|Support type:||Scholarships in Brazil - Post-Doctorate|
|Effective date (Start):||January 01, 2016|
|Effective date (End):||December 31, 2018|
|Field of knowledge:||Biological Sciences - Zoology - Animal Behavior|
|Principal Investigator:||Glauco Machado|
|Grantee:||Vinicius Matheus Caldart|
|Home Institution:||Instituto de Biociências (IB). Universidade de São Paulo (USP). São Paulo , SP, Brazil|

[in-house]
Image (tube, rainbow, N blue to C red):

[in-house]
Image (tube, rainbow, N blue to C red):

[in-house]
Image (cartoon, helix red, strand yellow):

Signals are basic blocks that constitute the communication, and the combination of the emission of signals and the responses to them comprise the communication process. The acoustic communication has a key role in the life history of anurans because it is used to mediate social interactions, influences the risk of predation and parasitism, and is directly linked to reproductive success. However, species that inhabit acoustically complex environments, such as streams, face an ecological problem that may hamper acoustic communication: the noise produced by stream torrents. The visual communication has evolved independently in several families of diurnal stream frogs, probably to supplement or to replace the acoustic signals due to the interference of the environmental noise. It has also been found that some of these species use multimodal displays characterized by the association between visual and acoustic signals. Depending on the type of selective pressure acting on signals, the multimodal display may have evolved to accomplish different functions. Furthermore, besides having long-term adaptations, such as visual and multimodal signals, some frogs may temporarily adjust call traits in order to minimize the effect of noise on acoustic communication. However, the knowledge on the function of multimodal displays and the effect of environment noise on the reproductive success of stream frogs is still very incipient, particularly for diurnal frogs from the Neotropics. This project aims to test hypotheses about the functional significance of multimodal displays, and about the effects of environmental factors on the reproductive success of the frog Crossodactylus schmidti (Hylodidae), a species that has been used as a good model for studies about communication of diurnal frogs from Neotropical streams. Our innovative experimental approach will use electromechanical models in field. The results obtained here will bring relevant information on the functional significance of multimodal displays in stream frogs. Moreover, this will be one of the first studies to investigate the effect of environmental noise on the mating success of an anuran species.Key-words: acoustic niche, communication, complex displays, Crossodactylus, sexual selection, signal-noise relationship.